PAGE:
Abstract Expressionism 1946 -1960s Abstract Expressionism 1946 -1960s Abstract Expressionism 1946 -1960s
When and How Did It Start? • Years right after World War II • Small group of painters • New York City • Previous surrealism art movement
What are the Movement’s Roots? • New York City – mainly – but other American cites such as San Francisco and California • The origin of the actual concept of Abstract Art are usually said to have come from the work of Kandinsky in Russia.
What Is Abstract Expressionism? • Abstract Expressionism is a form of art in which the artist expresses him or herself purely through the use of form (shape) and colour. • It is non-representational or non-objective art, which means that there are no concrete objects represented. • The invention and development of abstraction, that is, art that does not imitate the appearance of things, is among the twentieth century’s most important contributions to the history of art. • Abstract expressionism has never ended it has just changed through technological advances and medium development. • Some Abstract expressionists in contemporary times add plastic polymers to their paints which creates texture which does not deteriorate over time, unlike Jackson Pollock’s classic ‘Blue Poles.’
What Caused it to Start? There are different opinions on how it began; • Russian Artist Wassily Kandinsky • People stopped tolerating the social realism after the war and instead switched to Abstraction Harmonie Tranguille (Quiet Harmony) by Wassily Kandinsky. The original masterpiece oil painting was painted in 1924.
KandinskyThe forefather Winter landscape with Church Kandinsky was an expressionist artist from the Der Blaue Reiter era. Kandinsky’s works were humanitarian, spiritual and non-political.
Abstract Expressionism can be divided Into 2 main facets Action or Gestural Paints and Colour Field The return of Thornton Willis reflects the enduring legacy of abstract painting.
Action orGestural Painting Artists Techniques and Media Use; The artists typically applied paint rapidly and with force to their huge canvases in an effort to show feelings and emotions, they painted gesturally, non-geometrically, sometimes applying paint with large brushes and sometimes dripping or even throwing paint onto canvas.
Action orGestural Painting Jackson Pollock (1912-1956) Willem de Kooning (1904-1997) Hans Hofmann (1880-1966) Franz Kline (1910-1962) Mark Tobey (1890-1976) Philip Guston (1913-1980) Adolph Gottlieb (1903-1974)
Critical Appraisal Artist 1 –Jackson Pollock’s Blue Poles • The principals of design of this piece are neither planned or organized. • Random gesture and movement to make a completely un-constructed art piece. • Use of dripping of paint creates broad textual lines of many intersecting colours. • Randomness is the intention, when we critically analysis this paint we can see the strong vertical formations • Vertical lines dominate the piece and are positioned in a balanced manner with symmetry. • Harmonious to look at and rhythm occurs with the movement of elements that flow across the canvas. • No form, however, even with his randomness he has created tree-like shapes giving the suggestion of a forest. • This is a significant painting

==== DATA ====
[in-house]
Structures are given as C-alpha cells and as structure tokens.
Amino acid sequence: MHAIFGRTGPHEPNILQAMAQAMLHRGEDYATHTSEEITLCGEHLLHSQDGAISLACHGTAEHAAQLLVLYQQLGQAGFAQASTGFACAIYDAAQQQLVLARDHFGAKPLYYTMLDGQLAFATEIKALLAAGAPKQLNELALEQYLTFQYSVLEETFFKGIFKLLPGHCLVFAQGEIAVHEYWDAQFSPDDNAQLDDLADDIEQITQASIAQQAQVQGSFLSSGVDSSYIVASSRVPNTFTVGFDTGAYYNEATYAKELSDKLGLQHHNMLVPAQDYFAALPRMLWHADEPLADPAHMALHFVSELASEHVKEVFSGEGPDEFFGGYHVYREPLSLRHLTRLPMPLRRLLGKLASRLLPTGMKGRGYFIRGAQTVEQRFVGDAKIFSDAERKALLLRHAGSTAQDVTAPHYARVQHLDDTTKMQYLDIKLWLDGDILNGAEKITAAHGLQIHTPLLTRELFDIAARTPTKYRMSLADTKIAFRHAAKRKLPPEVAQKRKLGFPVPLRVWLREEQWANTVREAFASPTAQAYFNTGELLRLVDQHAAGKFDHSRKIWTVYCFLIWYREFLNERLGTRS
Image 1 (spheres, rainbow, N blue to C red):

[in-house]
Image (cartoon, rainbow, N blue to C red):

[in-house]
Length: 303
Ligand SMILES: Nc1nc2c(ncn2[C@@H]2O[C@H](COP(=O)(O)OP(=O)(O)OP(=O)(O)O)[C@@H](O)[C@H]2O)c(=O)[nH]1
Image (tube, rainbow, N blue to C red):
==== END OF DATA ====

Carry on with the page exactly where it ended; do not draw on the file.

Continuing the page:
Jackson Pollock (1912-1956) The media referred to Jackson Pollock as “Jack the Dripper
Jackson Pollock, Birth, c. 1941 Oil on canvas, 116.4 x 55.1 cm
Jackson Pollock, Night Mist, 1945 Oil on canvas
Jackson Pollock, Painting (Silver over Black, White and Red), 1948 Painting on paper mounted on canvas, 61 x 80 cm
Jackson Pollock, The Deep, 1953 Paint on canvas, 220.4 x 150.2 cm
Willem de Kooning, Light in August, 1946 Oil & enamel on canvas, 139.8 x 105.5 cm
Willem de Kooning, Seated Woman, 1952 Pastel, pencil, and oil on two hinged sheets, 30.8 x 24.2 cm
Willem de Kooning, Woman V, 1952-53 oil and charcoal on canvas, 154.5 x 114.5 cm, NGA
Willem de Kooning, The Visit, 1966-1967 Oil on canvas, 152.4 x 121.9 cm
Hans Hofmann, Pompeii, 1959 Oil on canvas, 214.0 x 132.7 cm
Hans Hofmann, The Gate, 1959–60 Oil on canvas, 190.5 x 123.2 cm
Mark Tobey, Cloud, 1954 Tempera on paper, 21 x 20 cm
Mark Tobey, Lake, 1959 Gouache on paper, 24.7 x 31.7 cm
Mark Tobey, Advance of History, 1964 Gouache and watercolour on paper, 65.2 x 50.1 cm
The Bauhaus, Tea set, 1930 Philip Guston To B.W.T.,1952 Oil on canvas,123.2 x 130.8 cm
Philip Guston, Zone, 1953-54 Oil on canvas 116.8 x 121.9 cm
Philip Guston, The Return, 1956-8 Oil on canvas, 178.1 x 199.1 cm
Cy Twombly, The Italians, 1961 Oil, pencil and crayon on canvas,199.5 x 259.6 cm)
Cy Twombly, Untitled, 1967 Oil and crayon on canvas, 147.3 x 177.8 cm
Cy Twombly, Untitled (Bolsena), 1969oil-based house paint, wax crayon, and graphite on canvas, 203.2 x 244.2 cm
Colour Field Painting Characterised by large areas of a more or less flat single colour. It differed from Abstract Expressionism in that these artists eliminated both the emotional, mythic or religious content of the earlier movement, and the highly personal and painterly or gestural application associated with it.
Colour Field Painting Clyfford Still (1904-1980) Mark Rothko(1903-1970) Barnett Newman (1905-1970) Ad Reinhardt (1913-1967) Helen Frankenthaler (1928-) Jules Olitski (1922-)
Critical Appraisal Artist 2 – Clyfford Still’s Untitled • Concerned mostly with colour. • Uninterested in form and content • The size of the art work is extremely significant as the enormous blocks of colour have an effect on the viewer. • Some art critics describe the effect of these paintings as creating a vibration which stimulates emotion. • No line or recognizable forms are intended by the artist. • Although composition does not follow traditional arrangements the breaks in colour – as we can see in this piece – are still harmonious to the eye and have a sense of rhythm. 1956 Oil on canvas, 92.1 x 266.1 cm
Clyfford Still (1904-1980) 1951-N, 1951oil on canvas, 234.5 x 175.6 cm Untitled, 1956Oil on canvas, 92.1 x 266.1 cm